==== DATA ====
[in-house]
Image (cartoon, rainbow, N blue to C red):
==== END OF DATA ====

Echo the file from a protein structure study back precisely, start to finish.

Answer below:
[in-house]
Image (cartoon, rainbow, N blue to C red):